Wine: Rise and rise of the riesling

Wine awards reveal intriguing local trends, writes Jo Burzynska.

Two Sisters Vineyard Single Vineyard Central Otago Riesling 2009; Lansdowne Estate Wairarapa Pinot Noir 2010; Marisco Vineyards A Sticky End Marlborough 2011. Photos / Supplied.

With rieslings in pole position, a mature pinot noir from a historic site winning a top trophy and only one straight sauvignon blanc scoring a gold medal, the New Zealand results from the British-based International Wine & Spirit Competition (IWSC) released this month shone a spotlight on some interesting trends and stories.

Alternatives to sauvignon

New Zealand made its name through sauvignon blancs, but most are arguably not its finest wines. This was reflected in the results from the IWSC, whose international panels have no parochial leanings, and in which the only sauvignon that struck gold - apart from Marisco's two dessert expressions - was the Ara Select Blocks Marlborough Sauvignon Blanc 2012.

Although it was great that a slightly older sauvignon was rewarded, it was also interesting to see a sauvignon gris gain a gold, with Brancott Estate's Marlborough Sauvignon Gris 2014 becoming the first New Zealand example of this lesser-planted variety to win this top medal.

The breadth of varieties winning awards at this year's competition highlighted that New Zealand is no one-trick pony, and this greater diversity is something I welcome. This was reinforced by the fact two rieslings were also awarded gold: Framingham's Ribbonwood Marlborough Riesling 2013 and the Two Sisters Vineyard Central Otago Riesling 2009, the latter of which scooped the Single Vineyard White Trophy and the Jancis Robinson Trophy for Riesling.

Riesling revolution

I've said it before and I'll say it again, with the weight of the IWSC's results behind me: New Zealand is producing world-class rieslings, even if local drinkers haven't truly caught on to this yet.

"I'd like trophy awards, such as these, to stimulate New Zealanders to drink outside the square. To taste around a bit and see what's out there," says Two Sisters' Adam Peren, and I'd agree.

New wine from historic site

Another intriguing story that the results brought to my attention was prompted by Lansdowne Estate winning the Bouchard Finlayson Pinot Noir Trophy. I knew little about its wines and background before the award. Keen to learn more about this rela-tively new Wairarapa winery, I discovered that the pinot noir that went to make its trophy-winning wine was likely grown on the site of one of the country's earliest plantings of the variety from the 1800s.

Although it's widely assumed pinot noir is a relatively recent phenomenon in New Zealand, its history can be traced back to the 19th century. British settler William Beetham and his French wife, Marie Zelie, planted pinot on land that Lansdowne Estate's Derek Hagar has reason to believe is now part of his estate.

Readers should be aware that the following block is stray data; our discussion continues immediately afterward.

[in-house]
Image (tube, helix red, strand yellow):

"No one can prove the exact delineation of the old vineyard, but we are definitely over, or at least partly over the original site," Hagar tells me. "We have long admired Beetham for his pioneering foresight and think it would have pleased him that Lansdowne Estate is reborn in the image of his original vineyard."

Coming of age

Bottles of Beetham's historic wines are still in existence, and one tasted in relatively recent times was pronounced as surprisingly fresh. Lansdowne's award-winning 2010 pinot noir is only the estate's second vintage, but in an age when many wines are not made to mature, I was heartened to see that they'd entered and achieved success at the IWSC with an older year.

Only one of New Zealand's highest-awarded wines at the IWSC was from the current vintage, with a notable dominance of slightly older years. New Zealand was initially known for wines best enjoyed in their youth, so making wines that age gracefully will garner greater respect as a premium wine-producing nation.

"Our policy is to hold each white for at least two years and each red for at least three years before selling," says Hagar. "Witness the wine from the original Lansdowne Estate which, a couple of years ago, was found to be eminently drinkable although over 100 years old."


Two Sisters Vineyard Single Vineyard Central Otago Riesling 2009 $24
A riesling with great balance and intensity to its palate of white peach and zesty grapefuit that's also displaying delicious toasty honeyed mature notes. From Glengarry and

Lansdowne Estate Wairarapa Pinot Noir 2010 $50
Beautifully scented and complex pinot noir with a silky gossamer-like texture whose elegant strawberry fruit is threaded with notes of forest floor, spice, dried meats, herb and violet florals. From

Marisco Vineyards A Sticky End Marlborough 2011 $39.99
One of two delicious dessert sauvignons from Marisco that were awarded gold at this year's IWSC. There's a huge concentration to its decadently rich palate of passionfruit edged with citrus zest, which balances its sweetness with a vibrant freshness. From Liquor King and selected Super Liquor stores.

• Jo Burzynska is the New Zealand judge and representative on the IWSC.

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